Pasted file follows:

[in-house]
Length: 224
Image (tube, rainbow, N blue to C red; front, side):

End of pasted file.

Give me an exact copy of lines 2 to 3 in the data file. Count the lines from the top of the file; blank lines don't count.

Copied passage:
Length: 224
Image (tube, rainbow, N blue to C red; front, side):